“The Janus Project”
“We look at the present through a rear view mirror. We march backwards into the future.”
― Marshall McLuhan
Sequential presents The Janus Project. During the next few weeks of this shiny new year cartoonists and critics and retailers will sound off on their favourite comics and comics-related moments of 2013 while also looking forward to things to come in 2014. (Thanks to Mark Connery for the great Janus comics graphic! Mark has a new book that will debut at TCAF this May: Rudy will be published by the Minneapolis-based 2d Cloud.)
Next up is journalist and Doug Wright Awards organizer Brad Mackay.
The Janus Project
by Brad Mackay
My favourite comics-related event(s) of the year were TCAF 2013 and the DWAs. Meeting Los Bros Hernandez and Scott Thompson (and drinking with them), and watching David Collier win a Wright Award (and present a rough take of his one-man show) are about as life-affirming as it gets for me.
Seeing Thompson try and deal with Collier was pure gravy.
Battling Boy by Paul Pope
Even at a compromised size/format, Battling Boy feels like the book Pope has always had in him; but was never going to deliver. Pulpy, Kirby-fuelled, super-kid fun that actually lives up to the hype.
Woman Rebel by Peter Bagge
90s comics heavy-weight and comics #2 Libertarian Peter Bagge delivers a bio-comic (his first) focused on the life of pioneering free-thinker Margaret Sanger. Some of the dialogue is a bit too prescriptive, but it doesn’t detract from a great story, well-told.
Susceptible by Genevieve Castree
Patience is a virtue so they say: I know have the proof. I have been waiting on a major work from Castree ever since I was hypnotized by her comic/LP Pamplemoussie and her short works in the long- gone D+Q Anthology series. Her autobio GN channels a horrible childhood into a transcendent story that will leave you spent.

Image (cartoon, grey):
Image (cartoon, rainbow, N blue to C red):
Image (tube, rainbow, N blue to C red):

Lose #5 by Michael DeForge
New DeForge. Duh.
7 Miles a Second by David Wojnarowicz, James Romberger, & Marguerite Van Cook
I tried (and failed) to pitch a review of this deluxe reprinting of a lost 1990s GN to several papers, so I will try and remedy that failure here. Visually stunning and socially driven, this reissue of this memoir of the deceased visual artist and AIDS activists David Wojnarowicz is a trippy and challenging read that serves as a prescription strength antidote to the current glut of paint-by-numbers GN memoirs.
The Property by Rutu Modan
I missed the boat on Modan’s work, until now. The Property is funny, engaging and hard to put down. Full of well-developed characters it was a total eye-opener for me.
My Dirty Dumb Eyes by Lisa Hanawalt
Gut-busting and beautifully drawn. I’ve never met her, but I have an instant crush on Hanawalt.
Kitaro by Shigeru Mizuki
Fun, strange and dangerous, this book should be in everyone’s library (everyone who cares about comics that is).
Captain Easy by Roy Crane
These collections are in heavy rotation in my house. My 7 year old son sums it up perfectly “Captain Easy is cool, because he’s kind of like Indian Jones, except wayyy tougher.”
Little Tommy Lost by Cole Closser
A spot-on homage to classic newsprint comics, I am puzzled and stupefied by this book. I did not see it coming.
Hand-Drying in America and Other Stories by Ben Katchor
Comics are enjoying such a Golden Age right now that somebody can release a new Ben Katchor book and it barely makes a ripple. If you’ve never experiences Katchor’s work, this is the timer to jump on.
Blobby Boys by Alex Schubert
Weird bad-boy comics that feel like they were created in a laboratory. (That’s a good thing.)
Science Fiction by Joe Ollmann
Joe Ollmann (the Johnny Depp of comics) is like a boulder rolling down a steep hill: his increasingly prolific output continues to impress and crush anyone in its path. This one takes a slightly different take than his breakthrough Mid-Life, but it is equally impressive.
The Grey Museum by Lorenz Peter
Criminally under-appreciated cartoonist and artist produces criminally under-appreciated GN.
Paul Joins the Scouts by Michel Rabagliati
New Paul stories – Nuff Said.
In Love With Art by Jeet Heer
I haven’t read this book by my pal Jeet Heer yet (and it took my months before I realized the pun in the title), but you know that it’s going to be good. If it isn’t, blame Jeet.